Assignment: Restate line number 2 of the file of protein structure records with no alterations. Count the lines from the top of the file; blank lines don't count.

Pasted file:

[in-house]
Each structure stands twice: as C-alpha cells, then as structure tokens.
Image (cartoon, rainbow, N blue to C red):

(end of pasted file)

Each structure stands twice: as C-alpha cells, then as structure tokens.